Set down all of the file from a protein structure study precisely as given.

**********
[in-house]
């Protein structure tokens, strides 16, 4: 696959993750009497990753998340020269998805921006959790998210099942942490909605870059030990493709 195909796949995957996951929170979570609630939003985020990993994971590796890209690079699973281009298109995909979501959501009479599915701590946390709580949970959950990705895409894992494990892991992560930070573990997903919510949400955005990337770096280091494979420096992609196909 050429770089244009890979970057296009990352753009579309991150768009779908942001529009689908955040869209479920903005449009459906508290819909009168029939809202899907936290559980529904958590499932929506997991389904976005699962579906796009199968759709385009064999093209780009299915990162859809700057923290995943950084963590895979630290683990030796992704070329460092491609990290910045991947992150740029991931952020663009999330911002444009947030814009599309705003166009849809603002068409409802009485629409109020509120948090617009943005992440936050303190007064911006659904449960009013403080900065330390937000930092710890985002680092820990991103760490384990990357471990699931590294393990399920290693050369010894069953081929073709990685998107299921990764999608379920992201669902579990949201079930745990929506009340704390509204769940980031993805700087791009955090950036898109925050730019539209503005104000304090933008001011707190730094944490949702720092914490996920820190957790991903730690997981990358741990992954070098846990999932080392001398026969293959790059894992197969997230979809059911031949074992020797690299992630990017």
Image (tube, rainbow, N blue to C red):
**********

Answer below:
[in-house]
């Protein structure tokens, strides 16, 4: 696959993750009497990753998340020269998805921006959790998210099942942490909605870059030990493709 195909796949995957996951929170979570609630939003985020990993994971590796890209690079699973281009298109995909979501959501009479599915701590946390709580949970959950990705895409894992494990892991992560930070573990997903919510949400955005990337770096280091494979420096992609196909 050429770089244009890979970057296009990352753009579309991150768009779908942001529009689908955040869209479920903005449009459906508290819909009168029939809202899907936290559980529904958590499932929506997991389904976005699962579906796009199968759709385009064999093209780009299915990162859809700057923290995943950084963590895979630290683990030796992704070329460092491609990290910045991947992150740029991931952020663009999330911002444009947030814009599309705003166009849809603002068409409802009485629409109020509120948090617009943005992440936050303190007064911006659904449960009013403080900065330390937000930092710890985002680092820990991103760490384990990357471990699931590294393990399920290693050369010894069953081929073709990685998107299921990764999608379920992201669902579990949201079930745990929506009340704390509204769940980031993805700087791009955090950036898109925050730019539209503005104000304090933008001011707190730094944490949702720092914490996920820190957790991903730690997981990358741990992954070098846990999932080392001398026969293959790059894992197969997230979809059911031949074992020797690299992630990017």
Image (tube, rainbow, N blue to C red):